Story Design’s Third Act: The Moment of Truth
On Plot Twists and Mind Fucks in Story
A great story has the protagonist discover an essential truth at the midpoint which propels them through the end of the story. Some story pundits refer to this as the mind fuck, the moment when the veil is lifted from the hero’s eyes, but hard work remains to be done.
If you’re a storyteller, the trick is to identify that essential truth and arrange things around it. You can do it by planning or pantsing your story. Either way is fine. If you’re a story planner, you design the story until you know the essential truth. If you’re a pantser, you look for it after and rearrange things as needed. (Hey, pantsers gotta’ pants, amiright?)
“Essential truth” is not widely recognized as a way to make a story great. Instead, pundits speak often about compelling conflict and universal themes, but not about the essential truth. They talk about a twist you’ll never see coming, or the aforementioned mind fuck. Essential truth sounds like something a protestant pastor discusses from the pulpit to his sleepy congregation on Sunday morning.
Twists and Mind Fucks
Twists and mind fucks show up often in action, adventure and horror stories. Try pitching a story to an agent without one, and see the cold look of boredom on their face. You will know what that protestant pastor knows: simple terms bore people to death.
The advantage of the term “essential truth” is that it’s easier to apply to simpler romance, comedy, drama, and society stories. In those stories, you’d discuss that moment as “So-and-so realizes that what’s-their-face actually loves the Shogun, and will never agree to leave the island.” It’s a much quieter variety of mind-fuck.
So it is with me and this publication, Story Design for Fiction.
In Act One, I launched Story Design for Fiction as a place to share what I learned about telling stories. Despite the deluge of books and articles about creative writing, plotting, and story structure, I didn’t see a discussion per se about story design. But I was nervous and reluctant: who am I to tell the world about story design?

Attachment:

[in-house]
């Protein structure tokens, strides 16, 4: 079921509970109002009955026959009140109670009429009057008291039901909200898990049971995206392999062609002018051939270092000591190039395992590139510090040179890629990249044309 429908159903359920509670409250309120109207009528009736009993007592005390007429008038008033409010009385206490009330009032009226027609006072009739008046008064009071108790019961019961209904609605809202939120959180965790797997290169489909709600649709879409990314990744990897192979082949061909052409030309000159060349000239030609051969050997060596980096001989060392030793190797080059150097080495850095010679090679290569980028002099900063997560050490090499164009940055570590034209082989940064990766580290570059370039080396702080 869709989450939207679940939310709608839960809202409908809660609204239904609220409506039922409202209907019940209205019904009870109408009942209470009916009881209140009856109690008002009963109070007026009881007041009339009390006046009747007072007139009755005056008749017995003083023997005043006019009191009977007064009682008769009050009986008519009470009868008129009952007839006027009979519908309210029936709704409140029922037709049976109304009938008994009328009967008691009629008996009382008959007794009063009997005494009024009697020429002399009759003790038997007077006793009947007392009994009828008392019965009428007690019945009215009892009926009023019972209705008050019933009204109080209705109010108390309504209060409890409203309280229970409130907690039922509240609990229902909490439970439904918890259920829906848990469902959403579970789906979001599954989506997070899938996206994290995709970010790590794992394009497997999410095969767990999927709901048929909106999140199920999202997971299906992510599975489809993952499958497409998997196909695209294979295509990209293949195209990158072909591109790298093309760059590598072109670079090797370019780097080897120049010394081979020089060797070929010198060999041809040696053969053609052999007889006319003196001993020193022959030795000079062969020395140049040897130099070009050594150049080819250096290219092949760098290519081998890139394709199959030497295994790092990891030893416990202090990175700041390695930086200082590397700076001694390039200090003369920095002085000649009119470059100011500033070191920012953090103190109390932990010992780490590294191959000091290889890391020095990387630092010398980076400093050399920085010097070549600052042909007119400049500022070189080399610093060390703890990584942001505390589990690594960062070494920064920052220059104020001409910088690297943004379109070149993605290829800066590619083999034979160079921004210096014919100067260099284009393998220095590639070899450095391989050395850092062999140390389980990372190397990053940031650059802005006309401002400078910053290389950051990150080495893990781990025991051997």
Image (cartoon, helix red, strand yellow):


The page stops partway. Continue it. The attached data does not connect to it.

So I quit.
In Act Two, after reading Into the Woods (a book about story structure), I renewed my commitment to this publication because that book’s discussion about the essential truth a protagonist must discover at the midpoint gave me an epiphany that connected all the things I’d studied for the previous thirty years about storytelling.
Alas, despite my epiphany, I didn’t persist in that discussion.
What I did do last year is rewrite two novels using what I learned and then write a third novel. I’m now busy bringing those novels to market (one is with an agent, another will be published by me, and the third needs a polish before querying). That creative output was satisfying to me, but also convinced me that the epiphany was not a flash in the pan.
Into the Woods and the Five Act Story
I have to sidebar here because I’m using a five-act story structure as a metaphor. A lot of structure pundits, starting with Aristotle, use three acts as the way to organize a story. Into the Woods uses five acts, and that’s what I’m doing right now.
Okay, back to my article…
So here we are at the moment of truth…
I’m at the midpoint of Story Design for Fiction’s story, and the essential truth is that I have learned how to tell a compelling story. You may not believe me because you haven’t read my books. I know the truth, and it will propel me through the end of the publication’s story.
Writing novels is hard work and demands a lot of time. I still want to share what I’ve learned, so I’m going to get this publication to a consistent level of content delivery, explaining what I learned, sharing what I know. I’ll welcome discussion and other points of view.
My personal mind fuck is that I have to find time to keep my day job, write, edit and publish novels, and also write these articles about the process.
I’m not exactly sure how the story ends, but I have a pretty good idea.